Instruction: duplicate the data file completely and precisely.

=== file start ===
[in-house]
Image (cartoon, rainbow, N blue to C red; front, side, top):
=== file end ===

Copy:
[in-house]
Image (cartoon, rainbow, N blue to C red; front, side, top):